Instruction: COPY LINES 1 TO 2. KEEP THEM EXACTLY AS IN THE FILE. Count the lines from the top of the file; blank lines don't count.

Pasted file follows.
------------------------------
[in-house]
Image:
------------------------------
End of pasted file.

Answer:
[in-house]
Image: